designing a new PCIe SSD? |
find out more about PCIe chips
and their possible uses in SSDs
|by Zsolt Kerekes,
PCIe SSD market - the first 6 years
has focused on enterprise SSDs since the 1990s - and our readers were at
the forefront of the PCIe SSD market - since the first enterprise PCIe SSD
products came to the open market in
At that time some people were asking - how would PCIe SSDs fit into
the enterprise SSD market landscape? - which was dominated at the top end by
proprietary rackmount systems - and a small number of fibre-channel
3.5" SSD drives.
Most SSD market experts at that time - didn't think PCIe SSDs would stick -
except as a small niche. Instead the "safe" money was on
predictable incremental changes - which were then already in progress. The
hard drive way of thinking was that the enterprise DAS SSD market would
evolve with 3.5" giving way to
2.5" form factors
and SATA giving
way to SAS. And if
servers needed access to larger amounts of fast SSD capacity this could be
easily implemented by classic
arrays of these smaller drives. SSDs were just
replacements for HDDs
- weren't they?
That's not the way the thought leaders in the SSD
market saw it, however.
The number of PCIe SSD vendors kept growing -
and the products kept getting faster and better. So much so that in September
2009 - I
announced that StorageSearch.com searches for "PCIe SSDs" and
related technology content had overtaken searches for 2.5" SSDs - marking a
decisive turning point in the direction the SSD market was taking.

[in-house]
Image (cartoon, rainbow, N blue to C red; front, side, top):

the importance and size of the SSD market and the significance of PCIe SSDs
as a distinct and permanent feature of enterprise architecture have become clear
to all. And you might think that 6 years after the first PCIe SSD cards were
being designed - it would be about time for the rate of change in this
technology to slow down a bit. But far from it. new
technologies and architectures have been designed to span multiple memory
generations, technology generations and even memory types.
SSDs are now at the forefront of all high performance enterprise SSD design.
has become the incubator for testing new SSD concepts and getting them to
market quickly. Whether it's a new memory architecture, a new non volatile
memory type, a new reliability feature or a new way of connecting clusters of
servers to arrays of SSDs - this is the market where the exciting hot ideas are
There are many reasons you might want to learn more about
PCIe interface technology and the glue chips and IP from the world's leading
supplier PLX (65% PCIe switch market share).
- SSD designers - if you're designing a PCIe SSD for the first time -
you might want to see the educational materials that PLX has developed for the
SSD market. The world's leading PCIe SSD companies already use their chips - but
for newcomers it's now easier to dive into this technology -with tech
support and even a system design kit.
- SSD marketers - you need to have an outline of what PCIe
interconect technology can do now - and also have a preview of new features
which you can leverage with your planned memory and controller roadmaps.
- SSD system architects - if you know the roadmap for PCIe's
capabilities- with respect to latency, throughput, topologies, fail-over and
clustering - you will be better placed to evaluate new products which you read
about and decide where they fit - compared with anticipated "best of
breed" products which haven't been launched yet.
I confess - that for
many years - like most of you - I didn't read too much about about PCIe chips
beyond the headline capabilities of what each generation could achieve in terms
of raw throughput.